Toxic shock syndrome in menstruating women decreases

Dr Nokukhanya Khanyile speaks to Sowetan about menstrual health
Dr Nokukhanya Khanyile speaks to Sowetan about menstrual health
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Cases of toxic shock syndrome have dwindled over the years because tampon manufacturers have cut the production of super-absorbent tampons which allowed women to keep tampons inserted for longer.  

Dr Nokhukhanya Khanyile who is a independent medical practitioner and a medical officer explains toxic shock syndrome (TSS) as a condition when a bacteria called staphylococcus aureus or streptococcus pyogenes finds it way into the bloodstream.

“Toxic shock syndrome is a very serious, life-threatening condition that is caused when the toxins produced by bacteria called staphylococcus aureus or streptococcus pyogenes get access to the blood stream. Multiple organs are involved, and you may require surgery or prolonged hospital admission to help you recover. Both men and women, young and old, menstruating or not, can get TSS,”        

In menstruating women, TSS is usually caused by leaving a tampon inserted in the vagina for too long.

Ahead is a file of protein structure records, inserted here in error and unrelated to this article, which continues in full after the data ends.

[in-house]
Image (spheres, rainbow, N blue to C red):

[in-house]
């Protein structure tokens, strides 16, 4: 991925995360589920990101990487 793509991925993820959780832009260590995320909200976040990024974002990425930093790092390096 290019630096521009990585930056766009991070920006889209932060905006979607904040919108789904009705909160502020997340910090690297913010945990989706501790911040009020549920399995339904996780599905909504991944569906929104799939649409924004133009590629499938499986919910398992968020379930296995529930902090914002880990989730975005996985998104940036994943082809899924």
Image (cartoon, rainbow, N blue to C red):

“This bacteria is present in everyone so it is important to change tampons every six-eight hours to avoid the bacteria overgrowing,” she said. “I have seen cases documented in literature where people have had organ failure because of the syndrome.” 

Khanyile said the decrease in TSS in menstruating women is also due to an increase in awareness of the condition, particularly when it comes to tampon use.

“The rates of toxic shock syndrome associated with menstruation have been declining over the years due to increasing awareness about the symptoms, improved access to information about maintaining menstrual hygiene as well as better access to clean water and electricity,” she said.

Khanyile said symptoms include rash, fever, severe body pain, difficulty breathing and shortness of breath, low blood pressure and changes in mental health.

Women can prevent the syndrome by having good menstrual hygiene and changing tampons every 6-8 hours. 

“Clean your vagina with pure water, remember the vagina is meant to be acidic not alkaline. Have a good diet and drink water,” she said.

Khanyile also said if a woman is having an abnormal discharge, it is important to go to the doctor.

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